August 19, 2009--
Ultraviolet telescopes have upended a long-held theory of the cosmos: that bundles of stars have a size limit.
According to the theory, for every single, massive star only a fixed number of smaller stars exist nearby. But the above photographs, made by combining data from NASA's Galaxy Evolution Explorer spacecraft and the Cerro Tololo Inter-American Observatory in Chile, revealed that much larger bundles of little stars do exist, they were simply being masked by huge, brighter stars.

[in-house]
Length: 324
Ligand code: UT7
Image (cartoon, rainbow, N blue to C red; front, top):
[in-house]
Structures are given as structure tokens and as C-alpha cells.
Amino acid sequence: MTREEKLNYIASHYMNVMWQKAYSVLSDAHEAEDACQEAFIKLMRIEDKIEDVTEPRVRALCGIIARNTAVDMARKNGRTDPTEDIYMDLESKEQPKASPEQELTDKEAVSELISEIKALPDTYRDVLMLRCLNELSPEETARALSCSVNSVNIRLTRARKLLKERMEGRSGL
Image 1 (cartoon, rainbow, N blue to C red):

The spiral galaxy on the left, dubbed NGC 1566, is richer in massive O stars (white or pink) but doesn't have that many smaller B stars (blue). But the galaxy on the right, called NGC 6902, has many more B stars than it does O stars.
Image courtesy NASA/JPL-Caltech/JHU